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4 Farmers Market Essentials

4 Farmers Market Essentials

Zero Waste Kitchen

Last Updated on April 11, 2020

I love going to the farmers market. Every Saturday I look forward to seeing all the fresh, seasonal produce.

Supporting local farmers is so good for the environment and local economy.

It also puts a face behind the food you consume, a key step that’s missing at the supermarket.

You never get to meet the people who grew your food at the grocery store.

Related: A Trip to the Farmers Market

Local food also means fresher food. The taste can’t be beat, and neither can the fact it doesn’t have to travel half way across the world to reach your plate.

Certainly, cuts down on carbon emissions!

Also, it’s important to eat in season produce as much as possible.

What’s in season depends on your region and what the farmer decides to grow, but seasonal foods have higher nutritional density.

Plus, it’s much easier to find plastic free berries at farmers markets during the spring and summer than the winter!

Here are my top four essentials for the farmers market that help me stay waste free every time I go.

1. reusable produce bags

These are my life line. I use them to store apples, pears, carrots, huge heads of lettuce – you name it.

All kinds of produce gets put straight into my reusable produce bags.

You can find several different kinds on the market. There are ones made from cloth which can be composted at the end of their life.

There are also produce bags made from synthetic fabric that are very durable.

Both cloth and synthetic produce bags are machine or hand washable.

They also have these handy drawstring tops to secure all your food in place (assuring no produce tumbles out).

Whichever type you use is up to you, but they certainly beat single use produce bags every time.

They’ll help you cut back on so much waste.

There’s also different sized produce bags available too. I personally just use the large sized ones because it’s guaranteed to fit anything I want.

I tend to get things in large quantities, so I like a bag that can keep up, you know?

You can also make your own produce bags from some scrap fabric you have lying around, if you’re good at sewing.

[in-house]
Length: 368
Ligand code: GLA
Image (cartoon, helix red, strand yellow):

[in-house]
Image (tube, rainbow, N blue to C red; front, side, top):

Or, you can even use an old (clean) pillowcase to house your fruits and veggies. Whatever works, right?

I recommend bringing anywhere from 8 to 10 produce bags.

It depends on how much food you plan on getting, but you can never have too many (just in case).

2. tote bags or baskets:

While at the market, you’re going to need a place to store all those fruits and veggies you put in your reusable produce bags.

I use a tote bag, but baskets are really cute too.

My farmers market gives out free tote bags in an initiative for New York to go zero waste by 2030.

I have several of these tote bags because it’s important to support efforts like this, plus why refuse a free reusable bag?

You can see if your farmers market gives any away for free. If not, reusable bags aren’t too hard to find.

Most grocery stores sell them right at the cash register.

There are also several companies that make reusable tote bags such as Blu Bag or BagPodz.

Related: Reusable Bags Made Easy

I recommend taking anywhere from three to four tote bags with you to carry all your supplies comfortably.

It might be nice to ask a friend or family member to come and help you carry them as well.

Bringing a basket to the market is also a really cute way to carry around your produce before and after purchase.

Just be prepared: If you get a lot, it easily gets heavy to hold!

Make sure to get a basket that’s sturdy and comes with handles for easy holding and carrying.

You could even get a wicker trolley to take with you to the market.

Just imagine how cute and efficient you’d look carting it around with all your plastic free goodies.

3. mason jars or containers: